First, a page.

The only room on the floor that is sans bars is the former cell dubbed the “Point of Peace,” an area where guests can take a moment and get back to their own thoughts. The room offers six niches, which represent different world religions, plus one niche left empty to welcome any other religion. When I am there, I see no one in the room, but I can feel the tranquility when I walk by.
The floor above the private rooms houses dorms and a kitchen and laundry room. (Note: laundry is pretty pricey at 7 euros a load to wash and dry.) Like the private cells, the dorms which offer various numbers of beds from four to 12, also incorporate art into the design. Each has colorful mosaics in the entry way and handmade beds.
The only downside I found to both the private rooms and the dorms is the lack of wifi. When I question why the hostel doesn’t have it, I learn that the prison walls are quite thick and therefore it makes it extremely difficult to transmit a signal. Therefore, the only place with wifi is on the first floor in the common areas. It’s actually a nice break for me to not have the wifi … it forces me to write, to mingle, to not lock myself in the room and get lost on the internet instead of lost in the city.
I wasn’t planning on staying at Hostel Celica for the entire time I was in Slovenia. Hell, I wasn’t even sure if I was going to stay in Ljubljana during the stretch of time I had before meeting my mom in Venice. But, on my second day, after exploring the gorgeous city and returning to the hostel, I decided it was the perfect spot to just chill. So, what was meant to be two nights ended up turning into seven.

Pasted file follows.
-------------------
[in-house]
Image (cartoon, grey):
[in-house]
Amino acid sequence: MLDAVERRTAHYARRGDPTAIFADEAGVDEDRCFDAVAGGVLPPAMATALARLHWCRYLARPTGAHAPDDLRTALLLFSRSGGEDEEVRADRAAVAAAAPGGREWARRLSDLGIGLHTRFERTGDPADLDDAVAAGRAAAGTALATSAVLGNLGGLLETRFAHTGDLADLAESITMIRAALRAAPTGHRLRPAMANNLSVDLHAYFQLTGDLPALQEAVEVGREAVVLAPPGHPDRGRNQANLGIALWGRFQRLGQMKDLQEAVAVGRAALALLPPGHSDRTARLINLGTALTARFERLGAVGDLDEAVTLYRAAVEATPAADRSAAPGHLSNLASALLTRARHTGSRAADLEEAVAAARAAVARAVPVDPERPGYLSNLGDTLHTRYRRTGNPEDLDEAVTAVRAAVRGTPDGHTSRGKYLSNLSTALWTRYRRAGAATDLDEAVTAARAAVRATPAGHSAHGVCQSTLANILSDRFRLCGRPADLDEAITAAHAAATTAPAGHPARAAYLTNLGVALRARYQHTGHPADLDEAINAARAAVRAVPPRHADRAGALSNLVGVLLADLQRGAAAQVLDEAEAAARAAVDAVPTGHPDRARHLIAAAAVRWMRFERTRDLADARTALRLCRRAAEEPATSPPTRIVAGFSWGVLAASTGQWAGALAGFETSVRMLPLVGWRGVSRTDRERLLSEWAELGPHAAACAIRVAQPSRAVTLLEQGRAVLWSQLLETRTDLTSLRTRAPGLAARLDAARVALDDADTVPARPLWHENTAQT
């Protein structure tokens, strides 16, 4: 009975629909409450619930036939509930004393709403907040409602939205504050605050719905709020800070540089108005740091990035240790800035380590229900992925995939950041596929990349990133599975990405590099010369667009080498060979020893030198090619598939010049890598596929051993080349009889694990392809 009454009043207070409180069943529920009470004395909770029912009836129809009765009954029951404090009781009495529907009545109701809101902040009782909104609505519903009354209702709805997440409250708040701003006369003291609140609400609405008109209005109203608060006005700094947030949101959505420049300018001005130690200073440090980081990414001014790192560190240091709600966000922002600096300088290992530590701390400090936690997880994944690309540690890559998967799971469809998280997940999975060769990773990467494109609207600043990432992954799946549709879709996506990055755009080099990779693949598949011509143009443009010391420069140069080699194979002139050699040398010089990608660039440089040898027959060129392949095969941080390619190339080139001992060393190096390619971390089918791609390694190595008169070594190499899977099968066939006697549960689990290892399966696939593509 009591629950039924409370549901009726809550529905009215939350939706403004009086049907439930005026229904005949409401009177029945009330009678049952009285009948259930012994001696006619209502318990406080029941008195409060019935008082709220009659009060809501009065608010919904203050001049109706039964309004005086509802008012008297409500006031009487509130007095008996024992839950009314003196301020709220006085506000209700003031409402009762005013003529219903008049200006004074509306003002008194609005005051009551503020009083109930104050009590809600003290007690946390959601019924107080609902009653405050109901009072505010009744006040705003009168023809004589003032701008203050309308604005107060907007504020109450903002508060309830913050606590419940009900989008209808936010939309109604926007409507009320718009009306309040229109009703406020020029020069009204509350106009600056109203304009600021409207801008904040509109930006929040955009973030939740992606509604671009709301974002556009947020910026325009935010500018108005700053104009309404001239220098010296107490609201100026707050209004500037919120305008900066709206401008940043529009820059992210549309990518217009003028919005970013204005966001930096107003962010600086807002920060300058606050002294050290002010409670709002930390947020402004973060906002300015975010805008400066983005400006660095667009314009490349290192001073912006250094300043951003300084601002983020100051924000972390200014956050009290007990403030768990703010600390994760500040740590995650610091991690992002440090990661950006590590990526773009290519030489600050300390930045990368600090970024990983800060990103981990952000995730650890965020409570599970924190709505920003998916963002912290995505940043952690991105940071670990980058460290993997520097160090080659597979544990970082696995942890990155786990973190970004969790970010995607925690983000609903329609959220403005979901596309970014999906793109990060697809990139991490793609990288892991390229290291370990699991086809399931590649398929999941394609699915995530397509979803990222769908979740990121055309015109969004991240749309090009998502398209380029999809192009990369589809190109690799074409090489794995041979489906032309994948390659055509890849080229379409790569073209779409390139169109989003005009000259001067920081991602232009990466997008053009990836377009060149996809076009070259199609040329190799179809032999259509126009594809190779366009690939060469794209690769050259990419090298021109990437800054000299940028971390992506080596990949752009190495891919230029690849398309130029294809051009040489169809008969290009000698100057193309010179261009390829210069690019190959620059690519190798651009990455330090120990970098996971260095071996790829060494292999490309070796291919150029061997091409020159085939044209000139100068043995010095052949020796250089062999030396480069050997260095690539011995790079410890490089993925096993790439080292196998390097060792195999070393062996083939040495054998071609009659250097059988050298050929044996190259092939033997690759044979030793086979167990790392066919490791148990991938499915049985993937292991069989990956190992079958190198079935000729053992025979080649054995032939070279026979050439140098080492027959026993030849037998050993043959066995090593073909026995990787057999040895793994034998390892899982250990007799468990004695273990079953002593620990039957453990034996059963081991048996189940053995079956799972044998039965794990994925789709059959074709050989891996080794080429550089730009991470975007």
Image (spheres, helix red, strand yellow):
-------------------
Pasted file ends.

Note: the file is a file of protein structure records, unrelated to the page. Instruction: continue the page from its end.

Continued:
Within two days, I felt at home in the hostel. The staff at the bar all knew me (I swear, I wasn’t drinking all of the time), and were always nice, taking the time to joke and chat.
While the end of May technically is shoulder season, during the week the hostel was quite quiet. But, there was still something going on every night, whether it was the photo exhibition, live music, mustache party, BBQ or other event, there was always something happening. I took comfort that even though I was alone in Ljubljana (for the most part) I could walk downstairs to the restaurant, the bar, the large outdoor patio, and meet other travelers and locals, which is a huge selling point for me.
The bottom line
Hostel Celica stole my heart. As I have changed the way I travel, hostels tend to not really do it for me much anymore. I prefer local haunts which offer a chance to mingle with travelers as well as natives. However, this hostel does that and so much more. I love how much culture is evident in every inch of the building, how the people who work there care, how the people who visit there are interested in what is has to offer. I wasn’t a huge fan of the buffet breakfast, largely because the vegetarian options were quite limited, and at first the lack of wifi in the rooms was a turn-off. However, the value, the location (under 10 minutes to get to the city center and about the same to get to both the bus and train station) and the atmosphere of Hostel Celica make it a fantastic option for lodging in Ljubljana.
This post is part of the D Travels Europe (and Israel) series. Stay up-to-date on all of my adventures by following along on Twitter (#dtravelseurope), Instagram,Trover, G+ and Facebook. And, for a look at the health and wellness side of European travel, be sure to follow along at The Comfort Zone Project and on TCZP’s Facebook.